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I'm pulling a cookie expiration date from Google Chrome. From what it looks like, Chrome is storing cookie expirations with a timestamp that uses 1601-01-01 00:00:00 UTC as the epoch. My current implementation is as follows:

stamp = int(result[3])
date = datetime.datetime.fromtimestamp(stamp / 10000000.0)
print date.year

However, this is producing the wrong date (off by about a year). What am I doing wrong here?

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can you give an example epoch timestamp and the corresponding expected datetime ? –  moooeeeep Sep 25 '12 at 19:43
    
Also, 10000000.0 is for a microsecond right? –  Nandeep Mali Sep 25 '12 at 19:49
    
13022344559000000 - 30 AUG 2013 06:55 AM –  Joshua Gilman Sep 25 '12 at 19:50
    
Yes, it was microseconds I believe. Sorry for the confusion. –  Joshua Gilman Sep 25 '12 at 19:51
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2 Answers

up vote 5 down vote accepted

Another option (also assuming pytz is installed so you have a tzinfo implementation):

>>> import pytz
>>> from datetime import datetime, timedelta
>>> epoch = datetime(1601, 1, 1, tzinfo=pytz.UTC)
>>> cookie_microseconds_since_epoch = 13022344559000000
>>> cookie_datetime = epoch + timedelta(microseconds=cookie_microseconds_since_epoch)
>>> str(cookie_datetime)
'2013-08-29 13:55:59+00:00'

I assume that the difference to your expected value is the timezones offset.

Update:

As @J.F.Sebastian correctly points out, if you are using only implicit UTC naive datetime objects, using pytz is redundant and the above can be simplified to:

>>> from datetime import datetime, timedelta
>>> epoch = datetime(1601, 1, 1)
>>> cookie_microseconds_since_epoch = 13022344559000000
>>> cookie_datetime = epoch + timedelta(microseconds=cookie_microseconds_since_epoch)
>>> str(cookie_datetime)
'2013-08-30 13:55:59'
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The proper year is 2013. Why is the year off by one? –  Joshua Gilman Sep 25 '12 at 23:02
    
Because he based it on 1600 instead of 1601. –  wberry Sep 26 '12 at 2:19
    
You're right. Fixed the example to have the right 1601 based epoch. –  Pedro Romano Sep 26 '12 at 17:57
    
pytz is unnecessary in this case. Just operate on naive datetime objects as if they are in UTC. –  J.F. Sebastian Mar 17 '13 at 17:20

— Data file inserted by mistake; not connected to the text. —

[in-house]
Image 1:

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I'm not sure what data you're starting with but here is an example starting from an integer timestamp. Assumes the pytz module is present (which I recommend highly).

>>> import datetime, pytz
>>> x = datetime.datetime.fromtimestamp(0)
>>> x = x.replace(tzinfo=pytz.UTC)
>>> str(x)
'1970-01-01 00:00:00+00:00'
>>> d = datetime.timedelta(365 * (1970 - 1601))
>>> str(x - d)
'1601-03-31 00:00:00+00:00'
>>> d = datetime.timedelta(365 * (1970 - 1601) + 31 + 28 + 31 - 1)
>>> str(x - d)
'1601-01-01 00:00:00+00:00'
>>> str(d)
'134774 days, 0:00:00'

So there you have it. Conversion between a Jan 1 1601 epoch and a Jan 1 1970 epoch is 134774 days.

Why that number of days? Leap years! We added a certain number of days, not years. (In fact, adding years is not directly supported in timedelta objects.)

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This works, but I think Pedro Romano's solution, just calculating with the 1600-01-01 epoch instead of statically figuring out the 134774-day offset and calculating with that, is better (unless it's somehow a performance problem for a script that needs to be run millions of times or something…). –  abarnert Sep 25 '12 at 21:49
    
Should be about the same performance-wise. His way, you compute the 1601 date against the 1970 epoch then add your time offset. This way, you treat the time offset as against 1970 then subtract the difference between epochs. –  wberry Sep 26 '12 at 2:24
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